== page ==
HL Deb 20 July 1926 vol 65 cc57-9

Debate resumed (according to Order) on the Motion, moved by the Chairman of Committees on Wednesday, July 7, That the order made on the 25th day of March last, "That no Private Bill brought, from the House of Commons shall be read a second time after Tuesday, the 29th of June next," be dispensed with, and that the Bill be now read 2ª.


My Lords, as your Lordships will remember, this debate was adjourned upon an important point raised by my noble friend behind me, Lord Banbury of Southam. He has been good enough to discuss this matter with the promoters and myself and I am aware now that he desires to move an Amendment to the Bill. The course I would suggest to him and to your Lordships as being in my opinion the most convenient is that your Lordships should now allow this Motion to be passed, the Special Order to be dispensed with and the Bill read a second time. It is an unopposed Bill. It will then go to the Committee on Unopposed Bills and I suggest to my noble friend that he can give notice of his Amendment and take the discussion on it on the Third Reading stage. I think that will be the most convenient course and I hope it will commend itself to my noble friend.


My Lords, I shall be very pleased to fall in with the suggestion made by my noble friend the Lord Chairman and I should like to say now that I propose to move an Amendment on Third Reading. I understand from the Lord Chairman that that is the usual course. This is really a very serious matter and I hope your Lordships will allow me to say a few words upon it. When I objected, rather more than a week ago, to the Sessional Order being suspended I pointed out that the Swindon Corporation had sent down to the local newspaper offices and had removed the fuses, thus preventing the local newspaper from being published, and that was done on the order of the local strike committee. I saw the members of the Swindon Corporation afterwards and they informed me that they had been told that all their men would come out on strike unless they were prepared to prevent the newspaper being published and three or four large manufacturers from carrying on their business.

It would appear that the order to fall in with the request of the strike committee was carried out by the chairman of the committee, or by the committee which deals with electricity, and was not endorsed by the whole Corporation. The Corporation informed me that within a few days—I think it was five days—they reinstated the fuses because they were then in a position to fill the places of the men who struck. The newspaper, however, takes a different line. On behalf of the newspaper it is stated—I am reading from a letter dated July 15, which has been sent to me:— The supplies were restored five days later not because by then men had been found to take the place of the strikers (up to that point there had been nothing more tangible than a strike threat at the electricity works), but because the Government insisted on the power being restored. Sir Arthur Griffith-Boscawen, who, on behalf of the Government, applied pressure on the Mayor and Town Clerk to this end, personally called upon me at these offices to assure himself that our electric power had been restored, and told me that naval pensioners would, if necessary, see that the supply was maintained. The writer goes on to say that only one man was actually required to augment the ordinary labour available and adds: Many members of the Electricity and Tramways Committee were already themselves on strike as affecting their occupations; as such, they were interested in closing down other industries that all work might be brought to a standstill; at least one member of the Committee was also a prominent member of the central strike committee. In this particular Bill there are fifteen clauses dealing with electricity and the Corporation assure me that they propose to extend their supply and to spend £300,000 on the extension. I think it will be necessary if, in the future, Corporations are to have the power of supplying electricity—I say this of all Corporations and not particularly of Swindon—that some clause should be inserted in an Act of Parliament which would prevent any member who happened to be on strike going to the electricity committee and forcing them to deprive consumers of that which they have a right to obtain. I therefore propose on the Third Reading to move this clause: The Corporation shall be liable for all damage or loss that may be sustained by a consumer with whom an agreement to supply current is in force, arising from the Corporation having failed or neglected, without reasonable excuse, or having unlawfully refused to supply current to the consumer. The Corporation shall further be liable in any such case to a penalty not exceeding £50 per day for each day during which the default continues, and such penalty shall be surcharged on the members of the Corporation jointly and severally. I propose those last words so as to make the people who commit the fault themselves liable out of their own pockets, and not their unfortunate constituents. I thought I ought to inform your Lordships of the reasons which induced me to take the steps I have taken and the further steps I propose to take.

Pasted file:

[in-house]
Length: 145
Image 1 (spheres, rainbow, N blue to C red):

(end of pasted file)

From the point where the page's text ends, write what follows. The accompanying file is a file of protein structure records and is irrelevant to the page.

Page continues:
On Question, Motion agreed to, and Bill read 2ª accordingly.